19. After quoting the same it was observed in Gayathri Women’s Welfare Association’s case (supra) thus:-
“These observations clearly indicate that one of the circumstances which will be taken into consideration before an amendment is granted is the delay in making the application seeking such amendment and, if made at the appellate sage, the reason why it was not sought in the trial court.”
20. It is to be noted that in the case on hand also as stated earlier, there was considerable delay in seeking amendment of the written statement or filing additional written statement and no sustainable reason was assigned as to why such prayers were not sought in the trial court while the original proceedings were pending before it. It is also relevant to note that such prayers were also not made before the High Court when the High Court initially disposed of RFA No. 1966 of 2007 as per judgment dated 29.10.2007 and also before this Court in CA No. 5201 of 2009 directed against the said judgment.
21. In the afore-mentioned contextual situation, the impact and effect of the order of remand passed by this Court in CA No.5201 of 2009, assumes great relevance. We have considered and come to a conclusion on this aspect as can be seen from paragraph 5 (supra). If the judgment of the High Court in RFA No.1996 of 2007 was not modified by this Court as per judgment in CA No.52001 of 2009 it would have had the effect of reviving the suit in full and in such eventuality, the suit should have been deemed to be pending. In that context, it is apposite to refer to paragraph 16 of the decision of this Court in United Bank of India, Calcutta v. Abhijit Tea Co. (P) Ltd. Ors.4, which reads thus:-
“16. But, it is now well settled that an order of remand by the appellate court to the trial court which had disposed of the suit revives the suit in full except as to matters, if any, decided finally by the appellate court. Once the suit is revived, it must, in the eye of the law, be deemed to be pending – from the beginning when it was instituted. The judgment disposing of the suit passed by the Single Judge which is set aside gets effaced altogether and the continuity of the suit in the trial court is restored, as a matter of law.
The suit cannot be treated as one freshly instituted on the date of the remand order. Otherwise serious questions as to limitation would arise. In fact, if any evidence was recorded before its earlier disposal, it would be evidence in the remanded suit and if any interlocutory orders were passed earlier, they would revive. In the case of a remand, it is as if the suit was never disposed of (subject to any adjudication which has become final, in the appellate judgment). The position could have been different if the appeal was disposed of once and for all and the suit was not remanded.”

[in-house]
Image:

22. In view of the subsequent judgment of this Court in Civil Appeal No.5201 of 2009, dated 03.09.2009, directed against the order of remand in RFA No.1996 of 2007, the judgment of the High Court got merged in it. As per the same, the scope of proceedings before the trial Court was confined only to record the additional evidence of defendants and to transmit the same to the High Court so as to enable the High Court to dispose of RFA No.1996 of 2007 afresh.
In short, in view of the settled position, the trial Court could not have expanded the scope of the proceedings before it contrary to the order of remand and hence, the trial Court was perfectly correct in rejecting the application for amending the written statement. In this context, the direction of the High Court of Madhya Pradesh in Rukhmanand v. Deenbandh5, assumes relevance. It reads thus:-
“It is settled law that when a suit is remanded for a decision afresh with certain specific directions, the jurisdiction of the trial Court after remand depends upon the terms of the order of remand and the trial Court cannot either consider matters other than those specified in the remand order, or enter into questions falling outside its limit. There was, therefore, no jurisdiction in the learned trial Judge to allow an amendment of the pleadings which was outside the scope of the remand order.”
23. In the totality of the circumstances, especially taking into account the relevant reasons assigned by the High Court for disallowing the prayer for amendment of the written statement and taking note of the delay and the failure to offer any reason therefor and the reasons mentioned hereinbefore we see no reason at all to hold any perversity or illegality with the rejection of the prayer for amendment of the written statement.
24. We have noted the points of agreement in the judgments of the courts below. On the questions as to maintainability of the suit, whether the suit is bad for nonjoinder of necessary parties as also whether the suit ought to have been held as abated against all the defendants for non-substitution of all the legal heirs on the death of the original third defendant, the courts below returned concurrent findings against the appellants.
25. We are at a loss to understand as to how the plea regarding the maintainability of the suit arise for consideration. The contention of the appellants is that it was filed under section 6 of the Specific Relief Act and while disposing of C.A. No. 5201 of 2009 this court held against the respondent herein/ the plaintiff that the suit is not one under Section 6 of the Specific Relief Act. Ergo, according to the appellants, the relief claimed for possession by the plaintiff/the respondent herein was not entertainable as he being a person claiming only possessory title and the original defendant No. 2/ the deceased appellant No. 2 being the lawful owner of the suit schedule property. Though the contentions appear to be attractive and acceptable at the first blush the fact is that they are absolutely untenable and rightly held against them, in view of the materials on record.